3. We could write this every week, but Nebraska has Martinez at quarterback and the other team doesn't. As long as No. 2 is at the controls, Nebraska's offense is going to have a shot against just about anyone. Never mind that the guys behind him, Noah Vedral and Luke McCaffery, have both put together solid fall camps as well. But everything starts with the sophomore star, and as long as he stays upright, the Huskers will have a huge advantage.
By the numbers
South Alabama allowed 30 or more points in 10 of its 12 games last season, and gave up 28 in another.
When Cephus Johnson takes his first snap Saturday, he will become USA's sixth starting quarterback in the past six seasons.
South Alabama ranked 127th of 129 FCS teams last season, allowing opponents to score on 92.7 percent of their trips into the red zone.
Creg Stephenson covers South Alabama athletics for AL.com.
What are your expectations in Year 2 under Steve Campbell?
"I think the team will be better, though it might not show up in their record. They should certainly be better on the offensive line (which was very young last year) and in the defensive front seven (which was riddled by injuries). The schedule is tough, not only with Nebraska, but with bowl teams Memphis and UAB in the nonconference and Appalachian State, Troy and Georgia Southern in the Sun Belt cross-divisional games."
What is the No. 1 thing that has to get better this year for the Jaguars to improve on last season’s record?
"Being better on both lines of scrimmage. The offensive line had one player who had started more than one game heading into last year; this year they have three returning 12-game starters and a fourth guy who started the final six. The defensive line has a lot of seniors that need to take their game to another level. And finally, quarterback play has to be better. Those three guys took a pounding last year."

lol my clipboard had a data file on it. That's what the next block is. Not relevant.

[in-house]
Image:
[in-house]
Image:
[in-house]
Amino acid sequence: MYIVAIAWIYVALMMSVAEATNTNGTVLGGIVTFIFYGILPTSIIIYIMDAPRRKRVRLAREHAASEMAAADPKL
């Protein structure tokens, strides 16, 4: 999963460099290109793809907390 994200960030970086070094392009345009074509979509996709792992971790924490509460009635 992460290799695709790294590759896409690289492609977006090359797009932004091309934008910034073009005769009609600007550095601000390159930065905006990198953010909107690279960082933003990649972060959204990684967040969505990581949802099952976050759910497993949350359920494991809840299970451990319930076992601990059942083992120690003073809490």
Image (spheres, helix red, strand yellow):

What gave sophomore Cephus Johnson the edge in the starting quarterback race?
"He’s the best combination of athleticism and intellect among the group. Junior college transfer Tylan Morton is as good or better athletically than Johnson, but Johnson has a better grasp of the offense. Redshirt freshman Desmond Trotter is a very smart guy, but Johnson has a far better arm. Physically, he’s got it all (6-5, 220, very strong arm). He just needs to be better — and quicker — with his decision-making than he showed last year, whether that’s keeping the ball or handing it off on the read option, or finding the correct receiver quickly in the passing game."
How much different will the defense look this season with more speed and the full-time switch to a 3-4 scheme?
"The entire goal of the change was to get more speed on the field. South Alabama was too slow getting to and setting the edge last year, and it showed against teams like Oklahoma State, Troy, Appalachian State and Georgia Southern. The defensive line has some size, but the back seven is all smaller, speedy guys. That might not be the best course of action against a power team like Nebraska, but it’s the right scheme to combat the way teams throw it around in the Sun Belt."